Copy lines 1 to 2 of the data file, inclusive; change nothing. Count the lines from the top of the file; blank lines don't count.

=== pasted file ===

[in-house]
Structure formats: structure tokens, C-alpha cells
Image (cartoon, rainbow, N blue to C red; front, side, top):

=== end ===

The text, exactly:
[in-house]
Structure formats: structure tokens, C-alpha cells